Starting recently, dozens of grocery stores in three major cities across the US saw the rollout of Apple’s iBeacon technology, allowing customers to receive location-specific data, such as relevant coupons, while they shop. Apple itself began using iBeacons in a limited capacity at all 254 of its US retail stores in December. Using the official Apple Store application for iPhone, users can hop for new items, check iPhone upgrade eligibility, or pick up an order they’ve already placed.
Apple’s iBeacon technology was recently implemented by InMarket, which began turning on iPhone-compatible sensors at Giant Eagle and Safeway stores in Cleveland, Ohio, Seattle, Washington, and San Francisco, California. InMarket specializes in location-based advertisements, and using Apple’s iBeacon platform the company will be able to target ads for frequent grocery shoppers. The implementation requires that customers have the advertiser’s loyalty app for iPhone called Checkpoints. When the app is installed and the user is within range of an iBeacon transmitter, marketing efforts, presumably with coupons and discounts can be pushed to their smartphone.
According to InMarket CEO Todd Dipaola:
This has the potential to disrupt the retail experience as we know it. Think about all of the benefits of online shopping, but applied to the real world. Shopping list reminders, specific coupons tailored to things you like, eventually mobile checkout. We're in the top of the first inning right now with iBeacon, so the possibilities are very exciting.
NFC requires users to literally take their phone out, turn it on, and tap it against a target to activate. iBeacons can reach a user with their phone in their pocket anywhere in a store. This allows shoppers to physically browse the store as normal and take advantages of new features like a shopping list reminder when they enter. Mobile to Mortar will be compatible with all BLE devices including Android.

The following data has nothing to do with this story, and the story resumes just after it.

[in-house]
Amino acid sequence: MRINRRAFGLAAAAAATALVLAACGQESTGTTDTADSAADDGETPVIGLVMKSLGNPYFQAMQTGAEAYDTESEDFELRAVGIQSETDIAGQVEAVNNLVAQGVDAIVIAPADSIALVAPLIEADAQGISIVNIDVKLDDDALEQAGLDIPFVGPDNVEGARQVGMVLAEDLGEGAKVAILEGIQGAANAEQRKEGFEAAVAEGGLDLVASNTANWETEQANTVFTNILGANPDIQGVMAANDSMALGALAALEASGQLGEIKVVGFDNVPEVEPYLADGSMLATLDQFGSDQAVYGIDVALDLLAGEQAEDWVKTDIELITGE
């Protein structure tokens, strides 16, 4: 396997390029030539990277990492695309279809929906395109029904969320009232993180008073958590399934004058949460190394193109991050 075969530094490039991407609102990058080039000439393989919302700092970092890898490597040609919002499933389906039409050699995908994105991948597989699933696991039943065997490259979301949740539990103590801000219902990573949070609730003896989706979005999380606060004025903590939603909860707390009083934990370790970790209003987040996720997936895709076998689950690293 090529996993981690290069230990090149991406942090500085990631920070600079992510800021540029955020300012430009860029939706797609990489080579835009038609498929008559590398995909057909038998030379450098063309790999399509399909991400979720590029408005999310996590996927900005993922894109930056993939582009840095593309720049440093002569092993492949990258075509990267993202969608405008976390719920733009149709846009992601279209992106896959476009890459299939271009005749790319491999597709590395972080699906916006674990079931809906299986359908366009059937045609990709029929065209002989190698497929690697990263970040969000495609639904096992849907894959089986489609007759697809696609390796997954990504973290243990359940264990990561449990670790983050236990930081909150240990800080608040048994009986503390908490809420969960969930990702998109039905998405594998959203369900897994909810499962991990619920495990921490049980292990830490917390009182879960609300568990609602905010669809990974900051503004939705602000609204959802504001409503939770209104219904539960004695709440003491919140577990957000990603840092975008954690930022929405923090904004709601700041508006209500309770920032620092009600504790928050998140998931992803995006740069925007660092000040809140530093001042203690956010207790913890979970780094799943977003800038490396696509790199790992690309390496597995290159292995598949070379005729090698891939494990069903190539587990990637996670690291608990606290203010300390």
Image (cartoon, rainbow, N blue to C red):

The famous retail chain, Macy’s, has also added iBeacon support through partner Shopkick at its flagship stores in New York and San Francisco. A startup named Exact Editions has been pushing free magazine samples at specific locations through iBeacon transmitters as well. The use of the iBeacon isn’t limited to marketing either however. For example, at this week’s Consumer Electronics Show in Las Vegas, the Consumer Electronics Association is using Apple’s technology for a virtual scavenger hunt.
Through the use of Bluetooth 4.0, or the Bluetooth Low Energy protocol, iBeacon is an intelligent micro-location platform that can be deployed in a variety of environments to aid in navigation and interactive geofencing. Low-energy transmitters facilitate two-way communication with supported mobile devices that come within 100 feet, allowing for accurate indoor navigation, automated retail services and customers statistics aggregation, among other functions.
We’ll have to see what happens with iBeacon technology going forward.
Source: Associated Press